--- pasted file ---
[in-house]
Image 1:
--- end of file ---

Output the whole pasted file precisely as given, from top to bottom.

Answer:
[in-house]
Image 1: